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Vol 9, #24 - Supreme Court Decision

Velo Cape Breton is the Island wide voice of cyclists, working for better cycling in our great Island. We have made significant progress since our formation in 2004.  Visit our website that will introduce you to some of our activities.   If you have any questions, suggestions, or want to contribute to this eNewsletter,  please contact us at (902) 562-8137 or

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Help us make Cape Breton Island a better place to live!


In this Edition

  • Editorial
  • Rides Captain Corner
  • Heads Up!
  • Cabot Trail in 4 Days - Q & A
  • Opening Banquet - Report
  • Did You Know?
  • Bicycle Collection
  • CAN-BIKE - Update

After cycling the Trail counterclockwise during Hurricane Earle, my derriere was so wrecked that when I got home I was going to take the seat off and  turn it in the the RCMP and charge it with assault. ~ John Webb, looking forward to do the Trail clockwise in 4 days with VCB.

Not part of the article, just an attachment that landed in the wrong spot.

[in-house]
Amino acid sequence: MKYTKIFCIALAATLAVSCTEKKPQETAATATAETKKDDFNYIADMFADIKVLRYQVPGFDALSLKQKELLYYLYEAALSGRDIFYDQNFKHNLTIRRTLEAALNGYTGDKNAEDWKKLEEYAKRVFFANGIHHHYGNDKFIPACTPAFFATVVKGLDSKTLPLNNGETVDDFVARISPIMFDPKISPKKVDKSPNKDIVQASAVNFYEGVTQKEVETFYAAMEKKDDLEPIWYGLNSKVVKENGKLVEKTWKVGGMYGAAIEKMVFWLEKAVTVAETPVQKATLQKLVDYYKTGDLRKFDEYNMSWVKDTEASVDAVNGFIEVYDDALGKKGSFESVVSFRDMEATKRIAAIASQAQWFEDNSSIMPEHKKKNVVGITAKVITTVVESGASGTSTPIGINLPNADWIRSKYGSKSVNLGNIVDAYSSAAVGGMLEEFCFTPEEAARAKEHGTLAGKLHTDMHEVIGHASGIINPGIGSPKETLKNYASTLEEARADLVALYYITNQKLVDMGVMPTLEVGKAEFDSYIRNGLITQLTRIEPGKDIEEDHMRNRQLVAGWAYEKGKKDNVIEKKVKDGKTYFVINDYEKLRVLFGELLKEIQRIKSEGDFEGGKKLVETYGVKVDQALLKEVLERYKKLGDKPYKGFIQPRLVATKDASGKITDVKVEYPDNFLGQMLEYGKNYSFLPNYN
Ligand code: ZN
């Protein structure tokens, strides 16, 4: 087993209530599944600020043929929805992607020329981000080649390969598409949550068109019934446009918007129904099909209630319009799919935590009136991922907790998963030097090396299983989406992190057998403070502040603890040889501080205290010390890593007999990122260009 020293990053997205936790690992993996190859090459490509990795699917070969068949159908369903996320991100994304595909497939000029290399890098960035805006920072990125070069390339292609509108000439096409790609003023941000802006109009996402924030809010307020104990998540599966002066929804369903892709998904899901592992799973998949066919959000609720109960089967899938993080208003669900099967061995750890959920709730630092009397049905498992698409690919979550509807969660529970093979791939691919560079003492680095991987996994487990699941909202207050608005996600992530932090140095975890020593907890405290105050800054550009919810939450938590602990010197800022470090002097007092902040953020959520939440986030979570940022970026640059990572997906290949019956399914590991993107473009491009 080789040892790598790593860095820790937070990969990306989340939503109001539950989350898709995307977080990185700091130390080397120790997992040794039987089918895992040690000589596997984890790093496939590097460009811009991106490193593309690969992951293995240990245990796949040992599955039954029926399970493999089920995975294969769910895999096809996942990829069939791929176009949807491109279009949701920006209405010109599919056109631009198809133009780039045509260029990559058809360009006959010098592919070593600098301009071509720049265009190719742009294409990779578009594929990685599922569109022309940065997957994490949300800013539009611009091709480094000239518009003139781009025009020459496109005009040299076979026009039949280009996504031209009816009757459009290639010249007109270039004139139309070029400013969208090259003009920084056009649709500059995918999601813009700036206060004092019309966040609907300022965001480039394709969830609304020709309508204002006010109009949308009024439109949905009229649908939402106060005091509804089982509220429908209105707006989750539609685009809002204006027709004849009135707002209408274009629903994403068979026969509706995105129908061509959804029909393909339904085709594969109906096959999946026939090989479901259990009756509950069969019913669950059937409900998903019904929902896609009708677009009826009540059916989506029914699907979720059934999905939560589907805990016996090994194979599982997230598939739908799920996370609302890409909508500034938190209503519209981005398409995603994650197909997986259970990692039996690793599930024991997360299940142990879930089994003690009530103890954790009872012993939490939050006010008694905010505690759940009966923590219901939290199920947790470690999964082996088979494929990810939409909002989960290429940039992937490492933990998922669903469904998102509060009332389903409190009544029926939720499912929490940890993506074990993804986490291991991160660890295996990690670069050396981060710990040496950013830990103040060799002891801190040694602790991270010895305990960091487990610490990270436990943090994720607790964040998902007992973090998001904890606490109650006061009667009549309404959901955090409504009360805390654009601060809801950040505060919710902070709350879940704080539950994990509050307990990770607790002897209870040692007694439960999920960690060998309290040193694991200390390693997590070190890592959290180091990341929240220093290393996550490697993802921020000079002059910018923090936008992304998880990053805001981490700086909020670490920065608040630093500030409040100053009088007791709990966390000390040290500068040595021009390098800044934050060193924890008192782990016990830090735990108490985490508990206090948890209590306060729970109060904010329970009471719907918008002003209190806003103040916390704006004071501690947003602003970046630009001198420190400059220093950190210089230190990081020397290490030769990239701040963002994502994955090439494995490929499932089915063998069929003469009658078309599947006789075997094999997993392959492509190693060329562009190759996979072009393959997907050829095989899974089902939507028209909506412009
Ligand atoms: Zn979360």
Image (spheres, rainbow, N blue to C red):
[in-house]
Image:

Supreme Court: ATVs can use trail in Paradise,  Halifax Herald, April 15.

On Wednesday, the Nova Scotia Supreme Court dismissed the latest attempt by the Paradise Active Healthy Living Society to wrest back control of the local trail.

The trail, formerly a section of railway tracks, is owned by the Crown, the court heard, and the Crown is entitled to make deci­sions on the use of that land.

Barbara Bishop, president of the society, said the issue is not really about the ATVers. “It really is about government account­ability. That’s why we went to court."

Bishop said the society be­lieves that “if the government can do this to our community, it can do it to any community on any issue. It is the actions of the government that are the issue, not the ATVers.